If Christmas crept up on us unannounced then that was nothing compared to New Year’s Eve.
There’s a certain anxiety that precedes a new country on a long-term trip like this. It’s that nervous fluttering which accompanies most excited holiday-makers in the days before they depart: the excitement of a new destination mixed with fear of the unknown. I’ve noticed it creeping up on me every time: from Poland to Belarus to Russia to Korea to Indonesia to Singapore and now here it was again. This time it was compounded by Singapore’s silky-smooth effortlessness and the knowledge that life on the trip would never be so easy again. Malaysia was talked of in somewhat patronising terms by most Singaporeans, who praised the beauty and wildness of its landscape but seemed only too grateful to return to their country’s well-oiled machine. Malaysia began to loom in my mind as a hotbed of piratical lawlessness.
Nobody likes change.
Only joking. I like change. It’s one of the reasons I love London. (It’s also one of the reasons I left London). But when it comes to Christmas, change is very, very bad.
That’s probably why we neglected to plan where we would spend the day itself: the idea of this beloved annual tradition being so utterly bereft of all the identical customs, clichés and cracker jokes was too traumatic. Add in the lack of proper build-up and I could just pretend it wasn’t happening.
Then suddenly there was less than a fortnight to go, our parents were asking “where are you spending Christmas?” and we thought – crap, where are we spending Christmas? Probably ought to get that sorted.
In central Java, Yogyakarta – or Jogja, as it’s commonly known – takes centre-stage.
But we’d read that nearby Surakarta, or Solo (what is it with the Javanese and their unrelated nicknames?) was less westernised and more compelling, so we set our course that way instead.
Peter heroically took charge of the hotel booking and stumbled upon the Alana Solo which appeared unfeasibly swanky yet inexplicably fit our budget. And so, for £23 per night, we found ourselves in a room that looked like this:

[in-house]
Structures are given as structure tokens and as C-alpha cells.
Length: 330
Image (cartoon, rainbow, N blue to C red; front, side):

The train to Malang contained only economy benches, and departed from Banyuwangi at 5am.
Perhaps this is why it’s such an underused route. Even The Man In Seat 61, international train journey guru, failed to recommend or even make Indonesian tourists aware of its existence. We found it merely through casual googling and the desire to traverse Java by rail.
We had arrived in Banyuwangi by ferry late in the afternoon and immediately bought our onward train tickets at the cavernous, leaky rail terminus. It was entirely empty: perhaps not surprising since they only had two trains a day; one arriving, one leaving. A cleaner ushered us into the information booth where we purchased a chit from a lady concerned we wouldn’t be happy with economy (not that there was an alternative), and then traipsed across the hall to get our tickets printed. The journey would take eight hours, and we had paid £3.50 each.
What to do in Bali?
Before arrival, we had vaguely discussed visiting one of the Gilis. These are a trio of islands, technically belonging to Lombok, the next big island to the east, itself much-touted for its beauty. One is practically untouched, one is party-central, one has Goldilocks-status with some infrastructure but no bars, and all are famous for their beaches and sunsets. But after our disappointment with Ubud, and neither Peter nor I being overly bothered with beaches, they fell from favour.
So where to go?
Now if any of you have been thinking “this is all very nice Robyn, but where’s the “flash” part of your flashpacking? This just sounds like slightly more civilised backpacking to me”, then my answer to you would be two-fold. Firstly, as far as I’m concerned, that’s what flashpacking is, to be honest. And secondly: you make a good point. Let’s get a bit flashier, shall we?